Like many Australian passerines, Eastern Yellow Robins have a protracted breeding season. If conditions are right, nest building and egg laying may begin as early as July (which, for those of us in the southern hemisphere, is the middle of winter). This means that I am one very busy researcher right now!
Although I started my PhD just over a year and a half ago, I still feel new to many of the methods involved in studying woodland birds. Which means that everything is quite exciting, but also means… I am slow. Finding active robin nests requires a lot of patience. So far, my process is to arrive at a site and set out looking for a breeding pair. If I’m lucky enough to spot a bird quickly, I will follow it. Otherwise I follow calls, which are not always frequent. Often I resort to using a bit of playback (a recording of a robin call) to try and see who’s around. Once I have a target, I watch and listen and wait. And pretend very hard to not look like I am watching. The little robins seem to know when I am stalking them!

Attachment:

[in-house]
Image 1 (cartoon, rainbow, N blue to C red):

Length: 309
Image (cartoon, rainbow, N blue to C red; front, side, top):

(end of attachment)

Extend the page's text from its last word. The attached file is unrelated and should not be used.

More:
It seems to be working so far – as you can see from the pictures above. I am finding nests, and it is incredibly rewarding. The nests are quite tiny – an incubating robin barely fits on the nest. But they are adorable! I go back regularly to each nest to monitor its development, from eggs to hatching and then to check in as the chicks develop their feathers and get ready to fledge. The two little babies on the left are the cutest thing I have seen so far. Freshly hatched, I managed to catch them gaping at the camera – they must’ve thought I was bringing a tasty worm. Too cute!